Last night, total registrations on Australia’s country-code top-level domain reached 2 million, indicating that Australian businesses, which make up almost 86 per cent of .au domain names, prefer local internet real estate. Almost a quarter of a million .au domains have been sold this financial year.

The domain registry manager, AusRegistry, was not able to identify the exact holder of the 2 millionth domain name because the total includes new registrations and those that lapse in what is effectively a five steps forward-two steps back motion.

The milestone does not mean there are 2 million Australian websites, because many of the .au domains registered are inactive, or are used to redirect web traffic to other sites. Also, many Australian residents, companies or organisations maintain websites on the global generic top-level domains such as .com, .net, .org or .info. There are more than 93 million domains registered on the .com top-level domain alone.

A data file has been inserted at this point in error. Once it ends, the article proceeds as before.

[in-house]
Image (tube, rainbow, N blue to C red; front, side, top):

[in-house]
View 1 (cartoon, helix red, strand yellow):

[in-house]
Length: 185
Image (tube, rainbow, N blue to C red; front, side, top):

Germany manages the largest country-code top-level domain, with 14.1 million, followed by Britain with 9 million registrations.

Australia’s tight rules for domain name registration were devised by a University of Melbourne computer engineer and lawyer, Robert Elz, who connected Australia to the internet in late 1989.

Mr Elz, an academic who now lives in Thailand, later handed over the management of Australian domains to a university spinoff company, Melbourne IT, which later listed on the ASX and continues as an internet services and hosting company.

The boom period of the internet in the late 1990s featured accusations of cybersquatting on domain names, especially in the .com name space, but Australia was largely immune from those difficulties because of Mr Elz’s rules.

Australian businesses on the web were perceived as trustworthy and still are, said Glenn Gore, the chief technology officer at Melbourne IT.

”It was good for business in how people trust those companies using a address,” Mr Gore said.

”If it ends in, you know that it was not some fly-by-night operation. There has to be a real business behind it.”